GCC global oil reserves share to hit 70% in next few years

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A Saudi oil company official watches work at a rig. Photo – News.com.au

A report issued by Kuwait-based think tank said the Gulf countries’ global oil reserves share  is expected to grow to 70% from current 45% during the next couple of years.

Diplomatic Center for Strategic Studies (DCSS) findings showed the Gulf Cooperation Council (GCC) countries captured 25% of total world crude oil exports whereas retain 17% of world’s proven gas reserves. Based on earlier data compiled by Crescent Petroleum, the entire Gulf region, which comprises of the six countries of the GCC plus Iran and Iraq, hold 56% and 40% of the world’s conventional oil and gas proven reserves respectively.

Saudi Arabia holds 38.7% of global oil reserve, followed by Kuwait’s with 14.8%, the UAE with 14.3% and Qatar with 3.7%, the report noted.

Qatar has the lion’s share in terms of gas reserves with 46.3% of the global reserves, followed by Saudi with 14.5%, the UAE with 11.1%, Kuwait with 3.3% and Oman with a share of 1.7% of world gas reserves.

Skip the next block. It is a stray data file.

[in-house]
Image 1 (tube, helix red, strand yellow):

The report said that Saudi Arabia could continue oil supplies for the next 80 years at the current production levels being the biggest oil producer in the world thanks to its proven reserves of 264 billion barrels. Saudi Aramco has carried out a mega investment programme at a cost exceeding $ 100 billion and, consequently, increased production to 12.5 million barrels a day and plans to bring the production to 15 million barrels a day by 2015, the report disclosed.

Many energy analysts believe proven oil reserves in the GCC region are expected to increase due to advanced technologies in the oil and gas exploration industry. The report cited several engineering and geological studies that suggested the announcement of new oil discoveries in the GCC region is on the cards.

According to International Energy Outlook projections, world energy consumption is projected to increase over 50% by 2030 from 2008 figures. Fossil fuels (oil, gas and coal) will reportedly continue to supply much of the energy used worldwide.

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